As these slices indicate, Pye presents considerable history of different groups and influential thinkers. For example, index shows - Abélard, Alcuin, Albertus Magnus, Alfred the great, Ambrose, Augustine, Aristotle, etc., etc., and that is just under ‘A’! Makes for colorful, educational panorama.
Introduction 1 The invention of money 2. The book trade 3. Making enemies 4. Settling 5. Fashion 6. Writing the law 7. Overseeing nature 8. Science and money 9. Dealers rule 10. Love and capital 11. The plague laws 12. The city and the world
One theme reappears regularly . . .
“Above all, the world is ready to be counted and engineered, to put mathematics at the heart of building a fort or a windmill, keeping the records of a business or laying out a town. Antwerp knew that change, but rebellion and a war of religious denominations took out the city’s sense of order. Amsterdam inherited the idea. Both cities shared the same shining, seemingly reasonable faith which we still maintain. That faith has roots very deep in time.’’
Mathematics became (still) a key to modernity. He explains how and why surfaced. Well done.
Last page . . .
“Alongside this need to control went a new appetite for experiment: for finding things out and then testing and proving them. The process that Simon Stevin would develop had already begun out of terror of Mongol hordes and the end of the world. In the new universities mathematical thinking was tangled up still with the idea of money, of moral trading and just prices: the connection that began with the Frisians was still shaping minds. Trading became a power in its own right. The towns of the German Hansa formed an alliance which could make its own treaties, see off kings, blockade a nation into starvation and force surrender. Money went to war with political powers. The modern world is taking its shape: law, professions, the written word; towns, and what they do to the natural world; books and fashion, business and its relationship to power. We are not on the margins of history any more; we are dealing in the essential, the changes of mind that made our world possible.’’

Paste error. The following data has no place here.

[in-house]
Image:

“In Antwerp all this produced a glittering civilization which spawned so many of our attitudes: to art, insurance, shares, genius, power as a great show; to the possibility of engineering the world as we want it. When war broke up Flanders, when the northern provinces broke away, those attitudes came to Amsterdam. They came in glory. They look like something both new and brilliant, but the truth is that they grew out of the light in what we used to casually call the ‘dark ages’ and the central importance of what we used to call ‘the edge of the world’. Around the cold, grey waters of the North Sea, the old, the marginal, the unfashionable made us possible: for much better, and for much, much worse. It is time now to give them all their due.’’